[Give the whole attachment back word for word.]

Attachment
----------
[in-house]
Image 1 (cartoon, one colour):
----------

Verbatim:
[in-house]
Image 1 (cartoon, one colour):